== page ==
From Podcast to Comic: The struggle of translating an audio medium to print

Five years ago, one of the post popular actual play podcasts came into existence. The Adventure Zone is an podcast hosted on the Maximum Fun Network centered around the McElroy family playing dungeons and dragons. The DM (or dungeon master) is Griffin and the players are his brothers Justin and Travis and their father Clint. Since its first episode on December 4, 2014, the show had incredible success and quickly acquired a large fanbase.  Many people gravitated to the show because of its its unoffensive humor. Due to the show being an audio medium and the cast not really giving much description as to what their characters look like, different versions of the characters popped up and each artist’s rendition was different. None of them were right or wrong.

One of the most popular characters in the show was Justin’s player character Taako. The fandom quickly agreed that the character wasn’t white. I think a lot of people gravitated toward this certain look for the character because the ‘traditional’ elf look was tall, white, and skinny. Think Legolas. But The Adventure Zone is anything but traditional, so it makes sense that the fans wanted to break out of the go-to look for a fantasy elf.

A drawing of the character Taako by tumblr user lord-bilingual
Another depiction of Taako, this time by tumblr user apollinaresart

Many people also saw themselves in these characters and because of the lack of diversity in many other pop works pieces, took maters into their own hands.

The three main characters of the podcast by tumblr user princeofmints

The show carried on for three years until its first arc, titled Balance, ended. With the end of Balance, came the beginning of the graphic novel. The graphic novel was released on July 17th, 2018 and featured art by long term fan Carey Pietsch. It was met with some apprehension from fans, but once the first sneak peek of the art was shown, the fandom blew up.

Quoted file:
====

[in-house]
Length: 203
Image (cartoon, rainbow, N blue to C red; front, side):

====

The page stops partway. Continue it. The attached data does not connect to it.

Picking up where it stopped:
All three of the main player characters are depicted as white, and while the McElroy’s have tried reassuring fans that these aren’t cannon designs, many were still upset with the lack of representation. It’s easy to see where the comic team was going with making the player characters white, the hosts that play the characters are white themselves, but that didn’t stop the fandom from voicing their criticisms.  

One of the first promotion pieces for the graphic novel

The comic team’s solution to the fan outrage was perhaps not the best option either. Taako (below left) was changed to have a blue complexion and Merle (below right) was changed to have a darker complexion.

The new designs for the main characters

While fans were still not content with the change, it’s what the official graphic novel went with in the end. After everything blew up, the show hosts issued a response to the backlash stating, “There is not an easy solution.” I have to agree with them here, really no mater what they ended up doing, people wouldn’t be happy with it. You can’t please everyone. They weren’t expecting their Dungeons and Dragons comedy podcast to gain such a avid following. While I don’t think making one of the characters aracial was the best choice, I understand where they were coming from in making the decision.

1 thought on “From Podcast to Comic: The struggle of translating an audio medium to print

  1. It’s on my list, I swear. I have friends who swear up, down, left, and right about this thing. They just love it that much. I’m not big on podcasts because I get distracted easily, but knowing there’s a graphic novel format might make it easier for me to enjoy. In the end, I just hope the creators are having fun. Things like this are a labor of love, and once the love is gone, so is the labor. You can’t make everyone happy.

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